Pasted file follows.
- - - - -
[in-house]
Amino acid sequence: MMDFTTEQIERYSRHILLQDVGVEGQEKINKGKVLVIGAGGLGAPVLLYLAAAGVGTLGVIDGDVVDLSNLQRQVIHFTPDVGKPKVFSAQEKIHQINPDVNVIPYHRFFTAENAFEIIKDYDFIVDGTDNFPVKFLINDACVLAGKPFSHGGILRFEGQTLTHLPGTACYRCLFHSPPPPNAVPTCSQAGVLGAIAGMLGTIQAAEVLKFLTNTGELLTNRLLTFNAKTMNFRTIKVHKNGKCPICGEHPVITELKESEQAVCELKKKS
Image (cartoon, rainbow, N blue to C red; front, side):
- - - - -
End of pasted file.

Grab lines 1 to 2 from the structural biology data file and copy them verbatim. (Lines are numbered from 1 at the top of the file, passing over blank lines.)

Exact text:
[in-house]
Amino acid sequence: MMDFTTEQIERYSRHILLQDVGVEGQEKINKGKVLVIGAGGLGAPVLLYLAAAGVGTLGVIDGDVVDLSNLQRQVIHFTPDVGKPKVFSAQEKIHQINPDVNVIPYHRFFTAENAFEIIKDYDFIVDGTDNFPVKFLINDACVLAGKPFSHGGILRFEGQTLTHLPGTACYRCLFHSPPPPNAVPTCSQAGVLGAIAGMLGTIQAAEVLKFLTNTGELLTNRLLTFNAKTMNFRTIKVHKNGKCPICGEHPVITELKESEQAVCELKKKS